A big part of what makes us human is the way we communicate with each other. We speak words, big deal, machines can do that. But what sets us apart as humans are the flaws, nuances, slang, shorthand and ambiguity we often use when we speak. The famous game show Jeopardy asks questions that are not designed for a computer to answer. They are spoken in natural English language, a form of communication that is not what computers were designed to understand… until now. In 1997 IBM’s Deep Blue defeated the world’s number one chess player. Fast forward 14 years, in a joint effort with the game show Jeopardy, IBM has created a supercomputer that is a cloud comprised of roughly 100 IBM POWER7 servers . This 10-rack mini data center was represented by a friendly avatar known as Watson who competes against human contestants on Jeopardy.
Until now, in order extract an answer to a complex problem from a computer one needed to be very well versed in a language that computers understand. You needed super-human-geek-brain-power to understand complex algorithms and formulas, machine codes and the binary state of being in order to ask the mech. Watson has changed all that. Now anybody can simply speak (or type) a question, in natural, human language and Watson will answer you in natural-sounding, simple to understand speech. Now doctor House can fire all his staff, work with Watson and do a differential diagnosis in just minutes, save the patient’s life and have time to a real relationship with Cuddy. Next! But I digress, back to Jeopardy…
This week IBM’s Watson beat the pants off the top two former Jeopardy champions, Ken Jennings and Brad Rutter. Watson rang in first and had the correct response what seemed like 90% of the time. There were a few instances where the humans managed to ring in first but those were only in times where Watson was unsure. With each answer Jeopardy displayed Watson’s top three responses (in his mind) along with how sure he was of each response. Whenever Watson was more than 50% sure of one response he would ring in and give the correct question. There was a cute moment when Watson told host Alex Trebek “I’ll take a guess” and then responded correctly with only 32% certainty of his answer. Although Watson got the Final Jeopardy response wrong (based on flawed programming no doubt) he was wise enough to wager very little as he already had an unbeatable lead over the humans. The final scores: Watson $35,734, Brad Rutter $10,400 and Ken Jennings $4,800. (Above image: all three contestants just before the Final Jeopardy round)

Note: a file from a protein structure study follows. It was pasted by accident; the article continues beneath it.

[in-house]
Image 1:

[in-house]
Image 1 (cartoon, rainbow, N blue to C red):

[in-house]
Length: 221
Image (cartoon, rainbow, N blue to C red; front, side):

I can’t help but think however that Watson might have an unfair advantage. While the other contestants must listen to the host read the clues Watson gets them electronically texted to him, plus he does not have to perform the time-consuming, mechanical action of clicking the a button to ring in. Could any human really click a button faster than a machine can electronically ring in? I wonder if they took any measures to level that playing ground. Nevertheless, Watson’s ability to frame and verbalize a correct response from natural, often ambiguous human wording and compete in the natural flow of a human game show is more than impressive. It’s downright amazing.
I will be tuning in to tonight’s Jeopardy final of man versus machine to determine the million dollar winner. Anyone else? Your thoughts and comments are welcome below.
Check out these videos about Watson: